Edmund Wilson’s review of T. S. Eliot’s “Waste Land” appeared in The Dial one month after the poem was published. His first reading of the poem occurred on a brisk September day in 1922 on the upper deck of a Fifth Avenue bus headed for Greenwich Village. The Jazz Age was tuning up, the Village was enjoying one of its periodic Bohemian revivals, and, at twenty-seven, Wilson was on the brink of his career as one of the twentieth century’s most influential American literary critics.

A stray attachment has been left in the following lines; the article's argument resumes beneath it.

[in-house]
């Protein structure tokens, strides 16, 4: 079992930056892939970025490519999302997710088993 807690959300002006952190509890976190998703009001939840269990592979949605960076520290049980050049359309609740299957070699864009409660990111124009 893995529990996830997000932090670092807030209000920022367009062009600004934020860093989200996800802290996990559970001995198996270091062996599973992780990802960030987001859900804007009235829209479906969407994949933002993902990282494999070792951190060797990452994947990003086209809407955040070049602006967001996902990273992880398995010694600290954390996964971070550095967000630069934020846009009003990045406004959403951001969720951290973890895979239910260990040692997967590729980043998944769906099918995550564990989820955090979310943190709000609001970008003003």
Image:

In his review, Wilson took careful note of the poet’s enormous erudition, “piling up stratum upon stratum of reference, as the Italian painters used to paint over one another.” But then, characteristically, he argued that Eliot’s harrowing vision of “strained nerves and shattered institutions” did not require the reader to grasp every arcane illusion. Wilson would hate it said of him, but,...


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